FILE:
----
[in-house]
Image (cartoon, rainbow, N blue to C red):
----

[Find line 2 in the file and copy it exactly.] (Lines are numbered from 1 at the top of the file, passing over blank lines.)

Image (cartoon, rainbow, N blue to C red):